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Nine Significant Features of the Chinese House Church

God is doing something amazing in China.

With the special permission of the publisher, PneumaReview.com presents Chapter 20 from the book by Eugene Bach and Brother Zhu, The Underground Church.

“[T]he house churches of China are growing at a phenomenal rate. Never in the history of the world have so many people in such a short time left one belief system for another without a hostile revolution. Lives in China are being transformed daily by the gospel of Jesus Christ and the display of His miraculous power” (from the back cover).

 

The Underground Church by Eugene Bach and Brother Zhu.

In this book, we have explored the history of the underground House Church, surveyed the main networks within the movement, and identified various elements that have helped to propel its growth. We have read personal testimonies of Chinese believers and looked at some of their experiences and trials, all of which have helped to bring their history to life. Through these examples, we can better understand concepts and situations pertaining to the Chinese church that are otherwise completely foreign to outsiders.

As discussed in previous chapters, the last few decades of Chinese church history were directed largely by the great work of God flowing out of the Nanyang region in Henan—through the networks of Peter Xu, Tanghe, Fangcheng, and others. A foreign visitor to that area would most likely look around and immediately wonder why God would choose such a place to pour out His grace. In many ways, Nanyang is about ten years behind the rest of China. It does not contain any notable foreign communities, and any foreigner visiting there is stared at and sometimes pointed out by local children who shout, “Laowai!” (“old foreigner”). One House Church worker from the Five Brothers Network described Nanyang in this way: “There are four areas of unrest for the Chinese government: Taiwan, Xinjiang, Tibet, and Nanyang.” It is hard to imagine that this county has had such an impact on the entire world.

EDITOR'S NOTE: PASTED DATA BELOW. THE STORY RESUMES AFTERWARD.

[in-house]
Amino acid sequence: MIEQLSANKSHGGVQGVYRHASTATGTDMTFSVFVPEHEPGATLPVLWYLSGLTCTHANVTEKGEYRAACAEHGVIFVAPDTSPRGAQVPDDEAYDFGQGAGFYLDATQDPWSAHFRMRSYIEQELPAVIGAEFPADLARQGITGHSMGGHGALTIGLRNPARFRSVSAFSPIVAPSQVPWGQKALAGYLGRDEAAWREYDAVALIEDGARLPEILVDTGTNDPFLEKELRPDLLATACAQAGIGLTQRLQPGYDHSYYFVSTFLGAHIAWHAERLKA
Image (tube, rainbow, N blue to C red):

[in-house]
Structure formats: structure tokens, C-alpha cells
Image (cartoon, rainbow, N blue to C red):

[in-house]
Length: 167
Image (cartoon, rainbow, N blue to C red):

Those Chinese who were dying from disease and starvation had no one to turn to for help. The sick had no places to go for treatment. Many of them looked to Jesus as a last resort and found mercy, rest, and supernatural healing through God’s power.

When Christians in other nations and cultures learn the mysteries of the Chinese House Church, it can help them to reflect on their own relationships with Jesus Christ. The history and testimonies of the underground Chinese believers are encouraging, because they show us what God can do in a country that declares war on His people, as the Chinese government has done. Even though China tried to eradicate the Christians, Jesus never left them. He never abandoned the Chinese people and is actually using them today in amazing ways to fulfill the Great Commission.

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Category: Church History, Spring 2018

About the Author: Eugene Bach is a pseudonym for a member of the Chinese underground church who does not wish to be identified. He was trained in U.S. military special operations and served two tours in the Persian Gulf and Asia–Pacific region, serving primarily as a member of a rapid response team focusing on targeted threat elimination, counterterrorism, and security. He has been working with the underground church in China for more than seventeen years, helping them to establish forward mission bases in closed countries around the world, including Iraq and Syria. Eugene leads the Chinese mission movement called Back to Jerusalem, which provides essential support for Chinese missionaries in Africa, Asia, and the Middle East, and he has written books about the underground church in China, North Korea, and Iran.

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